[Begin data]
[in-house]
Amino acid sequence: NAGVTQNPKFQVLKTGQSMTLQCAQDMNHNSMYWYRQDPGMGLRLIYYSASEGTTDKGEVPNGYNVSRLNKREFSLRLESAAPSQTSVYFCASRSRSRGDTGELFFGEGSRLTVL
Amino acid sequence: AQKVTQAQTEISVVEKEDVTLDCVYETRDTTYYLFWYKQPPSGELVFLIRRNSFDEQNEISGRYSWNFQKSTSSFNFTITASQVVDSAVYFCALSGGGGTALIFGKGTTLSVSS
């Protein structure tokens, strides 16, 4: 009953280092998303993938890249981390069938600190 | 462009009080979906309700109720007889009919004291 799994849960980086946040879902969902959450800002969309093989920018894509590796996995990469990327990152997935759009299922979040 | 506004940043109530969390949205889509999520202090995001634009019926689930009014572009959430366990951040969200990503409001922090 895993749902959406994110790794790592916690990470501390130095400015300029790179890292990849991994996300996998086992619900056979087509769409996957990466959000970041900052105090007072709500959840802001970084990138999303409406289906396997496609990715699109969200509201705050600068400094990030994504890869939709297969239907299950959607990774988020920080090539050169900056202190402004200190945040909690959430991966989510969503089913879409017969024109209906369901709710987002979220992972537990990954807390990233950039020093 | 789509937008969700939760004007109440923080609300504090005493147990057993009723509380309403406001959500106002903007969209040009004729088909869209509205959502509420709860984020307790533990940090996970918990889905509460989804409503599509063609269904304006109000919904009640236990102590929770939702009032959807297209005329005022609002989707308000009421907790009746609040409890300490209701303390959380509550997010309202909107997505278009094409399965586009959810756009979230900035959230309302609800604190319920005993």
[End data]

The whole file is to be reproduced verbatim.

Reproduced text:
[in-house]
Amino acid sequence: NAGVTQNPKFQVLKTGQSMTLQCAQDMNHNSMYWYRQDPGMGLRLIYYSASEGTTDKGEVPNGYNVSRLNKREFSLRLESAAPSQTSVYFCASRSRSRGDTGELFFGEGSRLTVL
Amino acid sequence: AQKVTQAQTEISVVEKEDVTLDCVYETRDTTYYLFWYKQPPSGELVFLIRRNSFDEQNEISGRYSWNFQKSTSSFNFTITASQVVDSAVYFCALSGGGGTALIFGKGTTLSVSS
């Protein structure tokens, strides 16, 4: 009953280092998303993938890249981390069938600190 | 462009009080979906309700109720007889009919004291 799994849960980086946040879902969902959450800002969309093989920018894509590796996995990469990327990152997935759009299922979040 | 506004940043109530969390949205889509999520202090995001634009019926689930009014572009959430366990951040969200990503409001922090 895993749902959406994110790794790592916690990470501390130095400015300029790179890292990849991994996300996998086992619900056979087509769409996957990466959000970041900052105090007072709500959840802001970084990138999303409406289906396997496609990715699109969200509201705050600068400094990030994504890869939709297969239907299950959607990774988020920080090539050169900056202190402004200190945040909690959430991966989510969503089913879409017969024109209906369901709710987002979220992972537990990954807390990233950039020093 | 789509937008969700939760004007109440923080609300504090005493147990057993009723509380309403406001959500106002903007969209040009004729088909869209509205959502509420709860984020307790533990940090996970918990889905509460989804409503599509063609269904304006109000919904009640236990102590929770939702009032959807297209005329005022609002989707308000009421907790009746609040409890300490209701303390959380509550997010309202909107997505278009094409399965586009959810756009979230900035959230309302609800604190319920005993």